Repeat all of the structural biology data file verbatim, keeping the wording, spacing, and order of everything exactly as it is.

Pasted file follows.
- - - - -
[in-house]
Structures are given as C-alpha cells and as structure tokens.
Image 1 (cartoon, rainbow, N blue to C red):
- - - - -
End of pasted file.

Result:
[in-house]
Structures are given as C-alpha cells and as structure tokens.
Image 1 (cartoon, rainbow, N blue to C red):